Pat Bilon, (real name Michael Patrick Bilon) is an American actor best known for his lead role in the 1982 box office hit E.T. the Extra-Terrestrial. At the height of 2’10” or 86 cm, Pat was one of the smallest adult dwarfs in the United States. Aside from acting, this little person has also been an active member of the Little People of America, a radio dispatcher, and a basketball coach for elementary students.
However, on January 27, 1983 – only a year after his blockbuster film – the young actor died at 35 due to complications from blood infecting pneumonia. Two days before his death, Pat was in Cleveland to tape the Dave Patterson Show. However, he traveled back home to Youngstown because he was feeling ill. The next day, he was rushed into a local hospital and placed in the intensive-care unit where he drew his last breath.
Pat was born on August 29, 1947, in Ohio. His parents were Esther and Michael Bilon. He had a foster brother, John, who is four years older than him.
Pat spent much of his childhood in his birthplace Youngstown, Ohio. He formally studied and finished an acting degree at Youngstown State University’s School of Speech and Drama. His Hollywood career started when he was spotted by producer Steve Rash and director Fred Bauer to cast in the slapstick comedy Under the Rainbow (1981). Among more than 400 auditionees, he successfully landed a minor role as a Hotel Rainbow guest. This small role gave Pat the chance to work with the nation’s brightest stars, including Chevy Chase, Carrie Fisher, Billy Barty, Eve Arden, and Adam Arkin.
As a child performer, Pat considered himself to be a “starving actor.” He appeared in various commercials and promotional events. His major break happened in the same year his first movie was released. Pat was selected to operate one of the mechanical creatures in the filming of the E.T. the Extra-terrestrial.
E.T. The Extra-terrestrial
E.T. the Extra-Terrestrial is a sci-fi movie about a gentle alien that was stranded on Earth. The alien made friends with a Californian young boy, Elliott. Elliott named the alien E.T. and introduced him to his younger siblings. The children decided to keep E.T. as a secret. However, when E.T. became ill, the kids have no choice but to ask help resulting in a government situation endangering both Elliot and E.T.
Behind the Scenes
The movie used four mechanical aliens made of fiberglass, polyurethane, and foam rubber. Pat was the fourth alien that the film used to shoot a scene where he had to heave across the floor. In five months, the training required Pat to carry a 20 kg rubber costume that is almost the same weight as he is. The E.T. costume was said to be about $1.5 million. He likened the experience as though being in a steam bath. For most of the film, Pat played the role of the alien that required extensive movements. After the movie’s success, Pat made several nationwide tours and program guests.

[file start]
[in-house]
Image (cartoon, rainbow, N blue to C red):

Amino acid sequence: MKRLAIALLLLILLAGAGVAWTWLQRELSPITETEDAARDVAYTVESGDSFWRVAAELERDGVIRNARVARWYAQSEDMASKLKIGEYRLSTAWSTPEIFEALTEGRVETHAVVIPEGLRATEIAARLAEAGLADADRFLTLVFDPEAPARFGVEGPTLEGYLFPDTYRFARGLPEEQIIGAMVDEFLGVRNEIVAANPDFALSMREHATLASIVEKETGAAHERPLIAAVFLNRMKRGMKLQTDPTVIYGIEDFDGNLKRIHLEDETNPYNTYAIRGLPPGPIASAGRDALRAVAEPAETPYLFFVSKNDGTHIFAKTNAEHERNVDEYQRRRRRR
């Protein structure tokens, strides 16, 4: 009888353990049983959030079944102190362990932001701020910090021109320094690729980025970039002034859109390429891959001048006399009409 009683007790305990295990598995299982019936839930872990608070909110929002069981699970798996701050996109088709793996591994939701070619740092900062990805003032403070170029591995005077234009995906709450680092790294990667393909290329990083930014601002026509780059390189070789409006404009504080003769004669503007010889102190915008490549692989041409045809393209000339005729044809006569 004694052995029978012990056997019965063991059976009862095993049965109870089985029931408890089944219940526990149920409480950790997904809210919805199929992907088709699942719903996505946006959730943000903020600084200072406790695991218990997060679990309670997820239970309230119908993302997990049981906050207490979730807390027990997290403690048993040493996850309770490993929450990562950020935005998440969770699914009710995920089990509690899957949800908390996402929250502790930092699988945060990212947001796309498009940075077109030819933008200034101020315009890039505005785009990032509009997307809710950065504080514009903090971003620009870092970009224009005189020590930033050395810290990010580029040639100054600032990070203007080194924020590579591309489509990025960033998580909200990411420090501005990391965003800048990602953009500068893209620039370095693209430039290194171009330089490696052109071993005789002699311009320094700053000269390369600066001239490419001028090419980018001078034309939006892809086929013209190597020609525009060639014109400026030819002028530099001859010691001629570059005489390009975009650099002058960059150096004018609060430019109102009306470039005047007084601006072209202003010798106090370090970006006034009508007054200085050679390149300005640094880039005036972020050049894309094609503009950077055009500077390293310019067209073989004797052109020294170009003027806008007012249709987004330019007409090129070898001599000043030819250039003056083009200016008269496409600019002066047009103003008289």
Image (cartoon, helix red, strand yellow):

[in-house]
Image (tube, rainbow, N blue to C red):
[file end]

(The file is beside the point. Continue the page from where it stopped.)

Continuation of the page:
E.T. was officially released on June 11, 1982, which became an overnight hit, surpassing Star Wars. For 11 years, the movie became the highest-grossing film of all time (at $792.9 million) until Jurassic Park; also, a movie by Spielberg surpassed it. For movie critics, E.T. is regarded as one of the greatest films of all time. At its hype, the film received four Oscar awards.
It was re-released in 1985 and again in 2002 to celebrate its 20th anniversary. The original cast includes Dee Wallace, Peter Coyote, and Henry Thomas.
Despite his physical condition, Pat held jobs as a bouncer, an undercover agent, and an announcer for a weekly radio program. Later, he applied as a dispatcher for the Mahoning County Sherrif’s Department and participated in its undercover assignments. For him, this is the perfect job as he will not be noticed hiding behind a bush.
Pat was also passionate about being an Ohioan. He served in a Ukrainian Radio Hour on F.M. station in his locality. He also established a Ukrainian gist shop and Petrush’s Ukrainian arts near their house.
Aside from it, the small guy was also active in St. Anne’s Ukrainian Catholic Church, where he taught Sunday school for children.
For two decades, Pat was a member of Little People of America. This organization supports dwarfs and their families to achieve justice in society. Here, he worked as a director of LPA District 5, which encompassed seven states.